Chinese Customs and Wisdoms 1.4

1.4 Emotions of Rabbits and Courage of Pigs

Having arranged to meet a friend of mine from the Netherlands for lunch in downtown Beijing recently, we both turned up wearing exactly the same color and style of sweaters. After remarking on this coincidence we forgot it, but at our next lunch we found that our pocket books were of the same color – red. On closer investigation of each other’s backgrounds, it became apparent that many of out idiosyncrasies, reactions to situations and life experiences are the same, despite that we had been brought up in totally different environments. It eventually transpired that we were both born in the Chinese year of Rooster. Whether you believe in the Chinese zodiac or not, in our case it explained everything.

So, what is the Chinese zodiac? And why is it in vogue to the extent that people in Europe and the U.S. want to know everything about it?

Ancient Chinese took animal zodiac signs very seriously, sometimes using them to decide matters of life and death. Detailed horoscopes have also always been a vital aspect of arranged marriages. Tragic partings and broken hearts often followed the discovery that a couple intending to marry had signs in direct opposition, for example, Pig and Dog, Monkey and Rooster, or Tiger and Rabbit.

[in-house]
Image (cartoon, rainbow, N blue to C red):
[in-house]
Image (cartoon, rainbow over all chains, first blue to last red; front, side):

For centuries Chinese people have believed that Rats bring wealth and take every possible opportunity to prosper. People of this sign (born in 1948, 1960, 1972, 1984, 1996, etc.)are family-oriented, always the life and soul of every party and company, and generous for loved ones. They are good traders, writers and publicists.

The unpretentious, uncompromising Ox (1949, 1961, 1973, 1985, 1997, etc.)works hard no matter what obstacles or difficulties it is confronted by. Sometimes described as obstinate, the Ox is simply persistent. Its attributes are devotion and diligence. Many outstanding surgeons, military people and barbers were born under Ox auspices.

Chinese consider the Tiger (1950, 1962, 1974, 1986, 1998, etc.)rather than a lion as king of all animals, so it is no surprise that people of this sign become respected and feared leaders. They are powerful and courageous, but also sensitive, emotional and passionate. Many well-known business tycoons, researchers and athletes are Tigers.

The helplessly emotional Rabbit (1951, 1963, 1975, 1987, 1999, etc.)symbolizes faithfulness. People of this sign are intelligent, well mannered and hate discord. They are sensitive, cautious creatures, many of whom are successful businessmen, lawyers, diplomats and actors.

The Dragon (1952, 1964, 1976, 1988, 2000, etc.)is the most auspicious of all creatures of the zodiac. It has special significance for symbolizing the Chinese nation. It is therefore no wonder that one of the most outstanding figures in China’s contemporary history – Deng Xiaoping – was born in the year of Dragon. Many readers have undoubtedly seen Bruce Lee’s cult movie “Enter the Dragon” but may be surprised to know that this actor/martial arts expert was also a Dragon.

A person born a Dragon is proud, self-confident, smart and often egoistic. They are intelligent and strive for perfection in everything – from aesthetically pleasing home to their partners in love, but most of all in the work. Many famous artists, clergymen and – as already mentioned – politicians, are Dragons.